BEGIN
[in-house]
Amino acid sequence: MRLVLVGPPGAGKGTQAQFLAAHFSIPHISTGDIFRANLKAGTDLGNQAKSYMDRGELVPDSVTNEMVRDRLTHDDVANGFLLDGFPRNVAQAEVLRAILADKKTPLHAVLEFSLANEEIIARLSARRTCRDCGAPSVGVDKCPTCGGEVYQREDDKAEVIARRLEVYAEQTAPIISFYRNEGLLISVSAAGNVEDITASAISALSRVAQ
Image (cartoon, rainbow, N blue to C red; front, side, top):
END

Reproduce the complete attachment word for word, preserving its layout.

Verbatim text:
[in-house]
Amino acid sequence: MRLVLVGPPGAGKGTQAQFLAAHFSIPHISTGDIFRANLKAGTDLGNQAKSYMDRGELVPDSVTNEMVRDRLTHDDVANGFLLDGFPRNVAQAEVLRAILADKKTPLHAVLEFSLANEEIIARLSARRTCRDCGAPSVGVDKCPTCGGEVYQREDDKAEVIARRLEVYAEQTAPIISFYRNEGLLISVSAAGNVEDITASAISALSRVAQ
Image (cartoon, rainbow, N blue to C red; front, side, top):